The Endgame Of The Movement

The Endgame Of The Movement

The way the Sunflower Movement ended had a large effect on the how the movement was perceived afterwards

A decision that the leadership within the Legislative Yuan saw much criticism for within the movement was the decision to withdraw of their own accord from the Legislative Yuan, using 330 as a high point of the movement in order to cap it off. This was the view that if the movement had a messier end, such as through a police withdrawal, that the public would remember the movement so kindly. Furthermore, the leadership within the Legislative Yuan were firmly attentive to the fact that public support for the movement was starting to decline.

In this way, although many were unhappy with the decision to withdraw, feeling that more could be done or that the movement could perhaps achieve further results, the Sunflower Movement perhaps avoided the messiness faced by movements such as the Umbrella Movement, in which the movement had started to wear on public patience by the end of the movement. Later on, events such as Lin Yi-Hsiung’s hunger strike against nuclear power were understood as attempts to channel the energy of the movement in a new direction, towards opposition against nuclear energy.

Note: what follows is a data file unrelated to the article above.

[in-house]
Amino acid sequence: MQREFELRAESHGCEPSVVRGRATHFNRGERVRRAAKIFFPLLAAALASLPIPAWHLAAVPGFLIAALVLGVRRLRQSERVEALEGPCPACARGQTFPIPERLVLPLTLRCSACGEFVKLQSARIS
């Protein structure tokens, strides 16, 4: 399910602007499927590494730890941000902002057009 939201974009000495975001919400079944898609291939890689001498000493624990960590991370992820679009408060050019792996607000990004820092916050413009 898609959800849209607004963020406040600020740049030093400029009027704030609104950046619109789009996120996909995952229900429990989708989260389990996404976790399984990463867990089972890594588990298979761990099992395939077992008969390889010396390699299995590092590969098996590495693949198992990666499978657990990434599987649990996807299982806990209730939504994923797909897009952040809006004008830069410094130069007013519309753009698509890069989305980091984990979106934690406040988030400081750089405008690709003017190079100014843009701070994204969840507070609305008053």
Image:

Either way, it is very clear that the way the movement ended had a very large role in shaping how the movement is remembered. The movement is oftentimes remembered as, in some way, a pro-Taiwanese independence movement. However, it was not in fact until the tail end of the movement that the leadership in the Legislative Yuan began to openly state that they supported Taiwanese independence, this beginning on the commemoration of Cheng Nan-Jung’s self-immolation as well as through Indie DaDee’s Big Bowel Blossom Forums. Before that point, the leadership had claimed largely to only oppose the “Black Box CSSTA.”


Photo credit: Abby Chen/Flickr/CC